Beowulf and the Fire-Dragon
In the fiftieth year of Beowulf’s reign a great terror fell upon the land: terror of a monstrous fire-dragon, who flew forth by night from his den in the rocks, [Pg 32] lighting up the blackness with his blazing breath, and burning houses and homesteads, men and cattle, with the flames from his mouth. The glare from his fiery scales was like the dawn-glow in the sky, but his passage left behind it every night a trail of black, charred desolation to confront the rising sun. Yet the dragon’s wrath was in some way justified, since he had been robbed, and could not trace the thief. Centuries before Beowulf’s lifetime a mighty family of heroes had gathered together, by feats of arms, and by long inheritance, an immense treasure of cups and goblets, of necklaces and rings, of swords and helmets and armour, cunningly wrought by magic spells; they had joyed in their cherished hoard for long years, until all had died but one, and he survived solitary, miserable, brooding over the fate of the dearly loved treasure. At last he caused his servants to make a strong fastness in the rocks, with cunningly devised entrances, known only to himself, and thither, with great toil and labour of aged limbs, he carried and hid the precious treasure. As he sadly regarded it, and thought of its future fate, he cried aloud:
The treasure of mighty earls. From thee brave men won it
In days that are long gone by, but slaughter seized on them,
Death fiercely vanquished them, each of my warriors,
Each one of my people, who closed their life-days here
After the joy of earth. None have I sword to wield
Or bring me the goblet, the richly wrought vessel.
All the true heroes have elsewhere departed!
Now must the gilded helm lose its adornments,
For those who polished it sleep in the gloomy grave,
Those who made ready erst war-gear of warriors.
Likewise the battle-sark which in the fight endured
Bites of the keen-edged blades midst the loud crash of shields
Rusts, with its wearer dead. Nor may the woven mail
After the chieftain’s death wide with a champion rove.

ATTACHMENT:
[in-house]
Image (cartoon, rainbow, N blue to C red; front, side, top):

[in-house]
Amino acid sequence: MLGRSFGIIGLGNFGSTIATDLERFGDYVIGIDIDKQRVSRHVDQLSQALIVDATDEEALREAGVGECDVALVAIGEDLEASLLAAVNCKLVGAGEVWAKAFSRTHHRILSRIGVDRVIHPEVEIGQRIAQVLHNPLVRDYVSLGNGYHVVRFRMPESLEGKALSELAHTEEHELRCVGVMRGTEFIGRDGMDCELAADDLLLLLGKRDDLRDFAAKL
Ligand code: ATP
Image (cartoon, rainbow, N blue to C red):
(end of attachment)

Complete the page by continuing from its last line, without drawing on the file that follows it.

[Pg 33] Gone is the joy of harp, gone is the music’s mirth.
Now the hawk goodly-winged hovers not through the hall,
Nor the swift-footed mare tramples the castle court:
Baleful death far has sent all living tribes of men.”
When this solitary survivor of the ancient race died his hoard remained alone, unknown, untouched, until at length the fiery dragon, seeking a shelter among the rocks, found the hidden way to the cave, and, creeping within, discovered the lofty inner chamber and the wondrous hoard. For three hundred winters he brooded over it unchallenged, and then one day a hunted fugitive, fleeing from the fury of an avenging chieftain, in like manner found the cave, and the dragon sleeping on his gold. Terrified almost to death, the fugitive eagerly seized a marvellously wrought chalice and bore it stealthily away, feeling sure that such an offering would appease his lord’s wrath and atone for his offence. But when the dragon awoke he discovered that he had been robbed, and his keen scent assured him that some one of mankind was the thief. As he could not at once see the robber, he crept around the outside of the barrow snuffing eagerly to find traces of the spoiler, but it was in vain; then, growing more wrathful, he flew over the inhabited country, shedding fiery death from his glowing scales and flaming breath, while no man dared to face this flying horror of the night.